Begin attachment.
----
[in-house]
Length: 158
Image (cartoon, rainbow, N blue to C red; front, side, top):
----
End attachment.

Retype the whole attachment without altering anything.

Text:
[in-house]
Length: 158
Image (cartoon, rainbow, N blue to C red; front, side, top):